Great RPGs You May Have Missed This Year

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In any given year, no matter how hard you try, staying on top of all the games that come out is nearly impossible. As an RPG fan, this is an especially difficult feat since the majority of these experiences are long hauls, demanding patience and focus. It’s hard to even have time to think about the latest and greatest, let alone have the time to really indulge in them.

I often like to look back on the year and see what the genre offered, and I’m always surprised at how many RPGs seem to fall to the wayside shortly after their release. Here are some RPGs from this year I felt faded from the public eye much too quickly and shouldn’t be overlooked. Who knows? You just might find your next great RPG here, or at least a few titles to add to your wishlist.

Sakura Wars (PS4)

The series may have had its heyday in the Sega Saturn and Dreamcast days, but Sega’s soft reboot of the series oozes charm and personality as you try to restore a failing Tokyo theater to its former glory. Sakura Wars is a blend of visual novel, dating sim, and mech-centric combat, and isn’t afraid to be silly and lean into its over-the-top spectacle. One minute you’ll be selecting dialogue options to build a bond with your teammates, the next you’ll be in a mech shooting down waves of enemies and chaining ridiculous combos. As I said in my review, “Sakura Wars is a hard experience to put in words, but that experience doesn’t come around often. It is a captivating ride, striking a great balance between its funny and heartwarming moments. Just like the struggling theater group, the performance doesn’t always come together exactly as planned, but it has so much heart and charisma to leave the audience wanting an encore.”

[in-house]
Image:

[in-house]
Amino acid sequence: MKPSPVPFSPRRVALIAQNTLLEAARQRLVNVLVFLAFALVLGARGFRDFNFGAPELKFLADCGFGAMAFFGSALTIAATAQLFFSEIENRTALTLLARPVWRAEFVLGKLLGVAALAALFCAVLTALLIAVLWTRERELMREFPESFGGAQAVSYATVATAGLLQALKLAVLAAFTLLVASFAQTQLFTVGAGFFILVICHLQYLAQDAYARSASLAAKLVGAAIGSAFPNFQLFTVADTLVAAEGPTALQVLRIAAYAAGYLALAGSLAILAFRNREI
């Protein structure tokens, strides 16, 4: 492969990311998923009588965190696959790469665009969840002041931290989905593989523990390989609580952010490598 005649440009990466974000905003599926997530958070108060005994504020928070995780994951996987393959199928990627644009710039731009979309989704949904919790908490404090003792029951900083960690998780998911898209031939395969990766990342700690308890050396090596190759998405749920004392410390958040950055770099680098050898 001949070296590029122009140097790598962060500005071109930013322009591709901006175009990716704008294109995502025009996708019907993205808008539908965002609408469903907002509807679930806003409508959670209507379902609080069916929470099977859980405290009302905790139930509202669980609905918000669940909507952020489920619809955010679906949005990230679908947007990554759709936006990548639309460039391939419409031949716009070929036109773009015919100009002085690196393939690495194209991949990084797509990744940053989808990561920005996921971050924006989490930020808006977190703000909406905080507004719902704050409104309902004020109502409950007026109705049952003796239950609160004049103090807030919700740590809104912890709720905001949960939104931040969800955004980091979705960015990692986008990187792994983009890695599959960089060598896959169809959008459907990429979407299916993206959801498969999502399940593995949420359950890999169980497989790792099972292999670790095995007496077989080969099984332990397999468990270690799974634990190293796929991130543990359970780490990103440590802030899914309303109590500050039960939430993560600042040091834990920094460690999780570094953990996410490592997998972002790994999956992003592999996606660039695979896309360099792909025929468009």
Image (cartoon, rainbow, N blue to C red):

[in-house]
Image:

Wasteland 3 (PS4, Xbox One, PC)

If you enjoy making decisions and seeing the consequences unfold around you, look no further than Wasteland 3. Just don’t expect for the choices to be easy or your trip to Colorado Springs to be a happy one. This is a bleak adventure with no right or wrong way to approach situations; you simply have to decide what your moral compass can take. However, rest assured what you do has meaning and impact on this post-apocalyptic landscape. Building up your Ranger headquarters by forging alliances and recruiting combatants to your side is one satisfying endeavour. Combat, which revolves around action points and putting together a group with varied skill sets, only multiples your decisions and second-guessing. Our own Dan Tack called it a solid CRPG in his review, emphasizing: “Wasteland 3 makes you feel the weight of your actions in an unforgiving world.”

Trials Of Mana (PS4, Switch, PC)

Square Enix hasn’t had the best track record recently with the Mana series, and the Secret of Mana remake was pretty disappointing, but Trials of Mana at least showed steps in the right direction (if you can ignore the hilariously bad voice acting). While not the strongest entry on this list, Trials of Mana is still an entertaining RPG and is the most fun I’ve had with the series in a long time thanks to great boss battles, smooth combat, and cool ways to upgrade your characters. It’s a linear, straightforward experience, but that’s hardly a bad thing, as there’s a lot of charm in its classical feel. The combat is really the star of the show, allowing you to bring together your three party members for big combos and to cancel attacks by striking at the right moment. The satisfaction on the battlefield makes up for some of its other shortcomings. You can read more in my review here